I would like to share to you a story about a wife and her husband. I got this true story from a book, ripples of joy, which was given to me by my brother. Reading it did inspire me and touched my heart.
I am a caregiver. My forty-year-old husband, David, has a little known genetic disease called Huntington’s disease. He can do almost nothing for himself.
I can tell you that caregivers experience a wide range of emotions, depending on the largely upon the person whom we are caring. Lately, I have to admit; I’ve been feeling there’s really no reward for what I am doing.
David has difficulty feeding for himself, and swallowing is accomplished only with great deal of effort. One day, with more food landing on his shirt than in his mouth, David and I were going through the usual “ change the shirt” game.
“David lift up your arms,” I pleaded. And then, “if you do, we can go and have ice cream.”
David’s garbled speech made his response to my urging impossible to comprehend. I did figure out, however, that he had no intention of lifting his arms or cooperating as I changed his shirt.
I felt myself tense up, and I sighed in frustration. I didn’t need this today. Try as I would, I simply couldn’t understand what he was saying. And we weren’t moving any near our goal-getting him into a clean shirt.
‘David,” I finally said, “my job is to feed you, make sure you take your medications, and help your doctors and nurses. Your job is to help me help you. You need to lift your arms, please.”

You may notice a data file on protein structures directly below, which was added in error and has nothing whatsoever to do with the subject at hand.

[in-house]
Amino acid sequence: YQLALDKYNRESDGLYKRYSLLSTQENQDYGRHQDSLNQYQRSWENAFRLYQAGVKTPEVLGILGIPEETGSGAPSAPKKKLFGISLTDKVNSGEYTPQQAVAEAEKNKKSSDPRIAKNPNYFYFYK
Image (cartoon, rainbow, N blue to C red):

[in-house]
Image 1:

With an endearing smile so like that of the man I had married before the ravages of Huntington’s disease took him away, David said, “No. My job is to say ‘I love you’ in as clear voice as possible.”
Care giving is not something I would ever choose to do. Imagine most people would not choose what is usually an almost thankless job-especially without pay. Still, there are rewards. Remembering David’s smile and his comment about his “job” is a nice memory I can pull out on days when things get really tough. We all have our Jobs, and David’s job is to say, “I love you.”
David, I love you too.
This is one good story that is worth telling. I was reading the story and I just can’t imagine not blogging about it. This story is from the book of Cheryl Kirking, Ripples of Joy. If you happen to in a bookstore, check the book out you will surely love it. There are more stories in life that is worth reading and the simple it is, the better it gets.